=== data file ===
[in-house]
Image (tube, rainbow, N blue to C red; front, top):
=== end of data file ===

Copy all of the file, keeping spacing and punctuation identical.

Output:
[in-house]
Image (tube, rainbow, N blue to C red; front, top):